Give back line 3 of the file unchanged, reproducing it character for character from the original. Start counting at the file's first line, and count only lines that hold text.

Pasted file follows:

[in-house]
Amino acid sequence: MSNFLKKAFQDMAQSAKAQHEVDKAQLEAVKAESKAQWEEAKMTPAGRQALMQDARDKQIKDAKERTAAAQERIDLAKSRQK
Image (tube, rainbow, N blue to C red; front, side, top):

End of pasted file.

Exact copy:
Image (tube, rainbow, N blue to C red; front, side, top):